Oh, and just so you know, my name is Kelsey, I live in Ohio, and I am a Christian artist who's interested in going into illustration.

Fairy tales have been a huge influence and inspiration to me over the years. The first real artwork I encountered as a child was H.J. Ford's illustrations from the Andrew Lang Color Fairy Books. I actually picked out the fairy tales I wanted to read based on how pretty or intriguing their illustrations were. I discovered some of my absolute favorite artists while browsing through the illustration gallery of the fairy tale site Sur La Lune Fairy Tales--artists like Arthur Rackham, Kay Nielsen, Edmund Dulac, and Walter Crane. I can't quite pinpoint what it is about fairy tales that attracts me so, but I think part of it is their hopeful examples of perseverance through adversity, along with how the tales ignite the imagination.
For creating my fairy tale-esque illustrations, my ideas tend to start with a vague sense of the emotion I want to get across and the style I want to use. I try to hold onto that feeling as I work on the project. Emotion plays an important part in art for me; I want to create something beautiful, but I also want it to have meaning, something that people can connect with. The method that works best for me right now for creating paintings is to start off with an accurate pencil sketch as a base. Getting the drawing down right can be pretty tedious for me (the shading and the coloring are my favorite parts) but it helps me a lot in the long run by (ideally) sparing me from making big adjustments when I'm further into a painting. Once I'm done fiddling with the drawing, I clean up the pencil marks as much as possible so that the graphite won't mix in with the color too much and make it muddy. When adding in the paint, I tend to go through a lot of trial and error, playing around with the project and doubting myself--basically jumping from This is so much fun!!!! to I am a horrible artist. I can't finish this. But perseverance really does pay off.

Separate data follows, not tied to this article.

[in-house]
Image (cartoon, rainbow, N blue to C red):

Lately I've really been inspired by the work of Albrecht Durer, particularly his woodcuts and engravings. I love how the subjects in his prints push forward into space. My linework is frequently inspired by Arthur Rackham, who's pretty much my favorite artist. My ambition in art is to both use my imagination and take inspiration from the beauty of the world around me--and hopefully inspire others in the same way that fairy tales and their illustrations have inspired me.

I'll finish off with a few tips for other aspiring artists, or basically anyone who wants to get better at drawing. Tip #1: Look at the work of other artists. Better yet, practice by copying works of the masters. You notice and learn so much about something when you try drawing it yourself. Tip #2: Take classes, or get lessons if you can. If this isn't an option, there's a wealth of online tutorials out there. I know plenty of completely self-taught artists have found success, but getting advice from other artists is a great way to encounter new ideas that you would be hard-pressed to happen across on your own. It's kind of like having someone else read your writing in order to figure out where you could improve. Sometimes you need a fresh set of eyes, or a fresh set of ideas. Tip #3: Keep drawing! The best way to learn is to try. Even if you make mistakes (and mistakes are inevitable), with each attempt you make, you will see improvement.

Thanks again, Alex, for hosting me here! :)